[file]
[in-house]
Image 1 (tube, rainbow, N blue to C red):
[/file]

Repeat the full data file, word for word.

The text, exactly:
[in-house]
Image 1 (tube, rainbow, N blue to C red):